Ontario University Athletics is determined to help spearhead a change in the culture of sport. Our conference hopes to help spark continued female participation and retention in athletics at the university level; empower future female leaders in the industry; and celebrate those who have already made their mark as influencers and champions.
My aspirations are not to be deemed as good as my fellow male athletes; instead I want to be recognized for my talent, strength, and power irrespective to my gender. For talent, dedication, and hard work transcend the labels of gender.
Being a varsity athlete allows me to express my love and passion for the game. It is also a platform for me to inspire young women of colour to follow their dreams.
I believe that being a varsity athlete has given me the opportunity to grow in every aspect of my life and provided me with the motivation to continue with sports even after graduating. I also have the opportunity to inspire and be a voice for younger female athletes.
Being a varsity athlete means something different for each athlete. For me, its being a part of a group of strong women working towards similar goals and helping each other reach our full potential. It means being inspired and motivated by others but also knowing you’re someone else’s inspiration. It is the fulfillment of a dream and goal that most young female athletes set for themselves at a young age.
Being a woman in sport and supporting women in sport is imperative in upholding this mindset to push other women to be their best. The hope is, that when others see you being the best athlete and student you can be, it pushes others to be the best versions of themselves. Women in sport are so important. Our society in general is healthier and happier when each sex is supported equally and is given the same opportunity. The more female competition that can be driven from female support and promotion, the better.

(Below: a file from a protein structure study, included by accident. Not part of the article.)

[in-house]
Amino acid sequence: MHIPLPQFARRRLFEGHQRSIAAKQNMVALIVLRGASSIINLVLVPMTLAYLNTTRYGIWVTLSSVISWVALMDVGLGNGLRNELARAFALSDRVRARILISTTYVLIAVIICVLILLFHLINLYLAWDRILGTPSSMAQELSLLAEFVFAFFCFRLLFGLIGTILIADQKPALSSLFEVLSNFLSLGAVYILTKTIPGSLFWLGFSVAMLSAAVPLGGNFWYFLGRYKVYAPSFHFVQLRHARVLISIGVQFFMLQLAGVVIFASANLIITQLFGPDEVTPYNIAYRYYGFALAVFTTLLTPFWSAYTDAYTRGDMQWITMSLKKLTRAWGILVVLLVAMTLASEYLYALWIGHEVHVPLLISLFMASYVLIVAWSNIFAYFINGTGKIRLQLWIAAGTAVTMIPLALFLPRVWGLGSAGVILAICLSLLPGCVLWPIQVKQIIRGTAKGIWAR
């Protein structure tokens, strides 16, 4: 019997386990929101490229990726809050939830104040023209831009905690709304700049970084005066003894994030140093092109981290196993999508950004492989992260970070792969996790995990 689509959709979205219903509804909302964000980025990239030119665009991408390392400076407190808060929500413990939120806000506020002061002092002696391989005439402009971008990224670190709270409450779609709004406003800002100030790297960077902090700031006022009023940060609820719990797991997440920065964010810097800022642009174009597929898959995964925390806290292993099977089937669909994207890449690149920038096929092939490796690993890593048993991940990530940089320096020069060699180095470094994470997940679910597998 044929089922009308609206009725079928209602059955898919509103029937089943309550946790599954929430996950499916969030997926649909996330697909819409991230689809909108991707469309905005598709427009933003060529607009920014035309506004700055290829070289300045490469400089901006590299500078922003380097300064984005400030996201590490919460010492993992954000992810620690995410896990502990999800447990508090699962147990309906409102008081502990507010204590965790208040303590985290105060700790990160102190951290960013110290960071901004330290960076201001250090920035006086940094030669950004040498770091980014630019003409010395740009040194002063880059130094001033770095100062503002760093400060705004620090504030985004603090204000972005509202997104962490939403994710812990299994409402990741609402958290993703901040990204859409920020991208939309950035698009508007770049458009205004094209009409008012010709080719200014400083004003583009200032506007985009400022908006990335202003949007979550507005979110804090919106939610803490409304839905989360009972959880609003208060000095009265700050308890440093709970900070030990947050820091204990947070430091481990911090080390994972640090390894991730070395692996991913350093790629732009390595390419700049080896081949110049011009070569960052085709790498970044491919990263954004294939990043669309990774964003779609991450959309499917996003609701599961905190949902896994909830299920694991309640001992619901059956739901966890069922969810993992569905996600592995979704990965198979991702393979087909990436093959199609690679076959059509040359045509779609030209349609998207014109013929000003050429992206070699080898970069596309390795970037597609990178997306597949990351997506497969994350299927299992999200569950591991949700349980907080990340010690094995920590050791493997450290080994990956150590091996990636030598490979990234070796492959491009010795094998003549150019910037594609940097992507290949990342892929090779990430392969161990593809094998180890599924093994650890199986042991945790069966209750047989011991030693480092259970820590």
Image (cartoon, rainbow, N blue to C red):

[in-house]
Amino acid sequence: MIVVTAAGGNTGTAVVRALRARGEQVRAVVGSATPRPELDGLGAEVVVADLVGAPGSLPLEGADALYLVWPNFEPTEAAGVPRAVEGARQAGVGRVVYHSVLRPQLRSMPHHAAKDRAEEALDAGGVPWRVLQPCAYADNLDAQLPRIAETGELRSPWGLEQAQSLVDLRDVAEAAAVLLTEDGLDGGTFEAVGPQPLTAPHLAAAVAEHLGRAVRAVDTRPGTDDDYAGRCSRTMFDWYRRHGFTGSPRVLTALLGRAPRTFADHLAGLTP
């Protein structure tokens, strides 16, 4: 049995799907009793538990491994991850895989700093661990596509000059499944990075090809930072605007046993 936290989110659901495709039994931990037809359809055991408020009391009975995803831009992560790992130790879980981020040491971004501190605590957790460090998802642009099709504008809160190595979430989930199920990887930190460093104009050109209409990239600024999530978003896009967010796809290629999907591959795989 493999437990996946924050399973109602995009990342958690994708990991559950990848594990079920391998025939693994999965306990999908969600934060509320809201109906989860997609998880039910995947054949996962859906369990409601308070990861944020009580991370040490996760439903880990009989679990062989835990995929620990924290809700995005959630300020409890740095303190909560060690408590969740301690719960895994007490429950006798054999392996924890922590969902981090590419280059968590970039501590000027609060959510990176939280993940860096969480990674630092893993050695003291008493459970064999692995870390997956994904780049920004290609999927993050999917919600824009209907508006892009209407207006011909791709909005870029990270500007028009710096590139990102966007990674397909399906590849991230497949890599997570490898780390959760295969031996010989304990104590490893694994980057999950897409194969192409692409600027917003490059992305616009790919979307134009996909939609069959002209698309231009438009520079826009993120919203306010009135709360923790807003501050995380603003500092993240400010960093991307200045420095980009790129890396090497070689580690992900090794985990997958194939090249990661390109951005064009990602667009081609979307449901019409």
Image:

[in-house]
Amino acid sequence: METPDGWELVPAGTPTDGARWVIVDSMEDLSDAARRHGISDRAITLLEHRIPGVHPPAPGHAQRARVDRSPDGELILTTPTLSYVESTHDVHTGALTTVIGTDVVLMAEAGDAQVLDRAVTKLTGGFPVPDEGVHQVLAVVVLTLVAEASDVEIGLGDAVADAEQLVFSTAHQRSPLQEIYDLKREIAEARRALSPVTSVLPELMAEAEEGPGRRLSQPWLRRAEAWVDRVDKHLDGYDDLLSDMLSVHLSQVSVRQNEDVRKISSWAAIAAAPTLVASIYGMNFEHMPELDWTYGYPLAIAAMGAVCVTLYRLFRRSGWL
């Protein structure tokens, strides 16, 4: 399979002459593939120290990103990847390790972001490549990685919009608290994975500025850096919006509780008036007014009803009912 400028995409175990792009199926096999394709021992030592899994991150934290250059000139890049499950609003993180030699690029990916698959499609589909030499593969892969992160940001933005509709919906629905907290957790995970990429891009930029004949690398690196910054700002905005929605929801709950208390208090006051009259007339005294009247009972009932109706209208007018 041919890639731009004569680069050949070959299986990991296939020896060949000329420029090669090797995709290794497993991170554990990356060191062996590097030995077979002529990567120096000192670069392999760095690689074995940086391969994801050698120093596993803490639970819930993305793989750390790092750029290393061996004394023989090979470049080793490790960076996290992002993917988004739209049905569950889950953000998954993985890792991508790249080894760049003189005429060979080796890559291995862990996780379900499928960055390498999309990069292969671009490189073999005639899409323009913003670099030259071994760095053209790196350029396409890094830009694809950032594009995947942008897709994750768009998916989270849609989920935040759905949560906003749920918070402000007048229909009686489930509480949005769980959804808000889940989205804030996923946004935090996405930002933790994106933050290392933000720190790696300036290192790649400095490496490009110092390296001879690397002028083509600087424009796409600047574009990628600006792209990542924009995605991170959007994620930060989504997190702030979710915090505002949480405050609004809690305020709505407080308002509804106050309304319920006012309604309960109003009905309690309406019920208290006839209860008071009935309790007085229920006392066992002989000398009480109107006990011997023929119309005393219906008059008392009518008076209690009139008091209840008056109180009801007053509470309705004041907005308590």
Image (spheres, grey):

Engaging in a sport like soccer gives me an undeniable identity with something greater than myself. I started out as a very timid player who was set on picking every dandelion on the field rather than kicking a ball into a net. That all changed when my older male cousin tried to insinuate that I was doing that because the sport wasn't 'made' for me. I was determined to prove him wrong and after scoring my first goal, I found myself hooked. Hooked to this belief in myself. Hooked to pushing boundaries. Hooked to being a woman in sport. Soccer has consistently been my outward expression of the statement 'Anything you can do, I can do better'. I have been lucky enough to have an incredibly strong and talented woman dedicate considerable time into developing every part of my physical abilities. That, in and of itself, is the entire essence of women supporting each other that keeps me playing.
Being a varsity athlete is a dream come true. Representing my school as well as my team is something special and I will cherish it forever. It has also allowed me to expand and meet other female athletes that are truly inspiring. Being a female athlete is empowering.
Being a student-athlete means that I get to put the black and gold on my back and represent my school while doing what I love. Many people look up to student athletes and it feels good to be respected in that way. We have the power to influence the people around us and that’s what motivates me to keep playing the sport I love.
Being a varsity athlete has had such a positive impact on my life in so many ways. Sport has taught me the determination, the drive, and the hard work that is required to reach high expectations and goals. It has also allowed me to meet others who share similar values, many of these individuals being some of the strongest and most motivated women I've ever met. These women inspire me to strive to be the best athlete that I can be each day and encourage me to apply the same energy and confidence to other aspects of my life too. I have every intention to continue to pursue my track career even after my time as a Gee-Gee, and varsity sport plays a huge role in this desire. In the future, there will be no female leaders; there will just be leaders. And I believe that sport is certainly no exception to this.
I set my goals high and I work as hard as needed until I achieve them. It has always been hard to combine studying with sports, but I like challenges, I like overcoming obstacles. It has only made me stronger and I wouldn't have been the same person as I am today. Playing sports has really helped me become more organized, improved my time management skills, taught me how not to give up, how to overcome myself, how to push even when it seems impossible and when no one believes in you.